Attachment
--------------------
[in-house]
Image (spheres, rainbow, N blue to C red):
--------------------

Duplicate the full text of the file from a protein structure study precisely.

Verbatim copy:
[in-house]
Image (spheres, rainbow, N blue to C red):